Whether as a book, a movie, or television production, "A Christmas Carol" has been a beloved part of Christmas since Charles Dickens penned it in 1843.
Its basic message of good will to all mankind has been translated into dozens of languages, including those of many nations thay do not celebrate Christmas.
But it contains a mystery never answered by Dickens - what exactly was wrong with Bob Cratchit's son, Tiny Tim? And why was it so important he get prompt medical attention.
The staff of the Pennsylvania Medical Society recently offered some thoughts in this release:The symptoms
Thanks to the Ghost of Christmas Present, we know that Tiny Tim would soon die. We know that Tiny Tim used a crutch, was very small, and very sick. We also know that Bob Cratchit carried his son periodically, possibly a signal of muscle fatigue. From the Ghost of Christmas Yet to Come, we see the Cratchit house without Tiny Tim, and thus we assume that this confirmed the prediction made by the Ghost of Christmas Present.
Financially, we know that Scrooge didn't pay Bob Cratchit enough money. His meager salary was not enough to buy good food and medicine for Tiny Tim. Plus the Cratchit house was very small.
Historically, we know that Tiny Tim was growing up in London in the mid-1800s.
But, as all three ghosts, along with Scrooge's deceased partner, Jacob Marley, help Scrooge turn from a miser to a kind and generous man, fans of A Christmas Carol are also led to believe that the kind pay raise that Scrooge gave Bob Cratchit helped to save Tiny Tim. Bob would be able to afford good food and medicine.
A quick Internet search brings up several theories on what ailed Tiny Tim. According to Daniel J. Glunk, M.D., past president of the Pennsylvania Medical Society and a practicing internist from Williamsport, Pa., all the theories have a certain degree of merit in making this literary diagnosis.
Could it be RTA?
The first theory is that Tiny Tim suffered from renal tubular acidosis (RTA), a kidney disease that makes blood too acidic.
"Tiny Tim is small, has malformed limbs, and periods of weakness," says Dr. Glunk. "These all can be the result of RTA. Plus, the fact that Tiny Tim's condition is fatal if left untreated, but reversible if proper medicine is used, helps to guide medical sleuths to RTA."
According to Dr. Glunk, RTA occurs when the kidneys fail to excrete acids into the urine. This causes a person's blood to remain too acidic. The result can be growth retardation, kidney stones, bone disease, and progressive renal failure.
"Doctors today can diagnose RTA by checking the acid-base balance in blood and urine samples," says Dr. Glunk. "Back then, when our fictional patient lived, they didn't have the tests we have today to determine this. But, they did know that his symptoms could be treated with alkaline solutions. With appropriate care at the time, Tiny Tim could have managed the condition we know today as RTA."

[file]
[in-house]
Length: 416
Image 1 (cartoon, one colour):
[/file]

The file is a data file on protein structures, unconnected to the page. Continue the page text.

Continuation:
Dr. Glunk adds that doctors today have identified three types of RTA. Frequent doses of alkali, either as a bicarbonate or something that the body converts into a bicarbonate, are used to treat the disease. The long-term outlook for a child diagnosed with RTA, if not linked to another kidney disease, is positive. Many outgrow the disease, while others who aren't as fortunate simply manage their disease through medications and the help of a doctor. Provided they take their medications as prescribed by their doctors, they remain healthy.
Other Internet medical sleuths suggest that Tiny Tim could have suffered from a Vitamin D deficiency, commonly known as rickets.
Rickets was a widespread problem in locations with heavy smog and industry in the late 1800s and early 1900s. Since sunlight is a major source of Vitamin D, smog could play a role in the deficiency. And, we know that Tiny Tim lived in London, a city that can naturally be gloomy but also had problems with smog as England became industrialized.
According to Dr. Glunk, some signs of Vitamin D deficiency include soft bones, muscular weakness, osteoporosis, and joint pain. Without Vitamin D, the body can't absorb calcium, and thus has difficulty building and maintaining strong bones. That may be why Tiny Tim needed a crutch.
"Knowing London's environmental conditions at that time and knowing Tiny Tim used a crutch, it's reasonable to consider this disease, despite the fact that Vitamin D wasn't discovered until the early 20th Century, well after the time period used by Dickens in the story," said Dr. Glunk. "At the time, they could have unknowingly treated this condition through better foods that Scrooge helped to buy."
Although there have been advancements in medicine, Dr. Glunk says we shouldn't believe we've conquered this disease. "It doesn't occur often these days, but there are occasional reports that rickets still exists," said Dr. Glunk. "A person's diet may not be as good as it should, and with the fear of skin cancer, people are more aware of using sunblock."
Dr. Glunk doesn't recommend dropping sunblock from the beach list to fight a Vitamin D deficiency. In fact, sunblock is too important in fighting skin cancer, he says. Instead, he suggests drinking fortified milk and taking a Vitamin D supplement to prevent the disease. If a person were diagnosed with the disease, stronger dosages of Vitamin D would be used and diet changes probably would be recommended.
A Dickens conspiracy?
Finally, some Internet sleuths believe a conspiracy theory exists and that something other than a disease could have caused Tiny Tim's death. After all, the Ghost of Christmas Yet to Come only showed the Cratchit House without Tiny Tim and never said how he died. Fans of the classic story are only led to believe Tiny Tim died of what ailed him, but are not provided positive proof. Could it be a Dickens literary trick?